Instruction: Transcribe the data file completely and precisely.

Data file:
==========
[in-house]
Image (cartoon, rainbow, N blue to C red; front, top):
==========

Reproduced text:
[in-house]
Image (cartoon, rainbow, N blue to C red; front, top):